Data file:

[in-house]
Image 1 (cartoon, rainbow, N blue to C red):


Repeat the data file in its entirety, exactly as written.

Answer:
[in-house]
Image 1 (cartoon, rainbow, N blue to C red):